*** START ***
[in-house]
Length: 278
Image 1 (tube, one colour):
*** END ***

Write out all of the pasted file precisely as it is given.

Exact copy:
[in-house]
Length: 278
Image 1 (tube, one colour):